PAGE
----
For Better Living: How Much Are You Really Eating?


Sandra Cain - Bladne County Cooperative Extension



The next time you’re having a meal, especially in a restaurant, take a look at the portion sizes. Can your meat fit in the palm of your hand or is it hanging off the plate. And speaking of the plate, can you see any of it?

If you’re like most Americans, you suffer from “portion distortion.” Over the past two decades, our nation’s meals have expanded; and so have our waistlines. People may be counting calories, carbohydrates or fat grams, but they’re not measuring portion sizes. Research shows that large portion sizes lead to overeating.

How big is big?

Nutritionists compared the standard portion serving sizes, those commonly found in stores and restaurants, with serving sizes recommended by MyPlate. Here’s what they found:

— Cookies as much as 7 times the recommended serving size.

— Cooked pasta nearly 5 times the recommended serving size.

— Muffins weighing in at over 3 times the recommended serving size.

Portions vs. Serving Size

To better track the amount of food you eat, it’s important to know the difference between portions and serving sizes.

A portion is your preference: the amount of food you choose to eat. There is no standard portion size and no single right or wrong portion size. A toddler’s portion will be much smaller than a teen’s portion.

A serving is a standard amount used to help give advice about how much to eat. Servings don’t measure calories; they identify an amount.

For example, when you make a sandwich, your portion likely includes two pieces of bread. But the serving size for bread on MyPlate is one slice. That means that your portion equals two servings.

Here’s an example to illustrate serving size: You have a bowl of cereal for breakfast. A serving of the cereal you choose is listed as one-half of a cup. Even though you only had one BOWL or one portion of cereal it was 1 cup or two servings.

Smartsizing your portions

Instead of “supersizing,” try “smartsizing” your portions. These tips will help you track your portion sizes and keep them in check.

Do your homework.

— Measure your food with measuring cups and spoons for one week.

— Keep a food diary for that week.

— Compare your typical servings with MyPlate servings.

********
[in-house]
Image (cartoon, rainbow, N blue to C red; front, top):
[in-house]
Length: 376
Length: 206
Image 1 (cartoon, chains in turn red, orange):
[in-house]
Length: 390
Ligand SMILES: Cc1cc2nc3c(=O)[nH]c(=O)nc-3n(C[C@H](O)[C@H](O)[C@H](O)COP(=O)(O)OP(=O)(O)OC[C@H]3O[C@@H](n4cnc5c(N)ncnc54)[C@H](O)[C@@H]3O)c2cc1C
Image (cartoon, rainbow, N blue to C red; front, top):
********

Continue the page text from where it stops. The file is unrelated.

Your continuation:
— For hard-to-measure foods (snacks, French fries) count out the number of pieces in one serving.

Limit liquid calories

— The serving size for sodas, sports drinks, fruit drinks and smoothies fits in a (small) coffee cup.

— Sodas are liquid sugar sources that don’t fill us up. Choose water instead or opt for a kid-sized soda.

— Switch to fat free milk or 100% juice for a beverage with vitamins and minerals.

— Make water your beverage of choice. Add slices of lemon, lime or orange, or a splash of fruit juice.

Away from home

— Avoid super-sizing meals at fast food restaurants.

— Eat only half the entree: share an order, order a half portion or take half of the order home. *Don’t order an entree: have a salad and an appetizer as your meal.

— Go easy on the desserts. Take just five bites. Share a dessert or take some home for later.

At home

—Use smaller plates and bowls at home.

— Buy smaller packages of snack foods.

— “Batch cook” and divide prepared recipes into the number of servings specified before eating.

— Save leftovers or freeze.

Other helpful hints

—Make it satisfying. Truly enjoy your food; don’t eat while doing something else.

— Eat slower.

— Be honest with yourself.

— If you eat a large portion size, eat less at the next meal.

— Never eat of out of the carton or bag…Always use a bowl or plate.

—Trust your body to tell you when you’ve had enough, but remember it takes about 20 minutes for your stomach to send a message to your brain that you’re full.

Source: N.C. Cooperative Extension

Almond Chicken Stir Fry

1 pound chicken tenderloin strips

¾ cup sliced almonds

1 tablespoon canola oil

1 package (16 ounces) frozen broccoli stir-fry vegetables

1 tablespoon corn starch

1 tablespoon brown sugar

½ teaspoon ground ginger

1/3 cup unsweetened pineapple juice

1/3 cup reduced-sodium soy sauce

In a large nonstick skillet or wok, stir-fry chicken and almonds in oil for 2 minutes. Add vegetables. Reduce heat to low, cover and cook for 4 minutes or until vegetables are tender and chicken is no longer pink.

In a small bowl, combine the cornstarch, brown sugar and ginger. Stir in pineapple juice and soy sauce until smooth. Stir into chicken mixture. Bring to a boil. Cook and stir for 2 minutes or until thickened. Serve with rice if desired. Yield: 5 servings.

Sandra Cain can be reached by calling 910-862-4591.

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Sandra Cain

Bladne County Cooperative Extension

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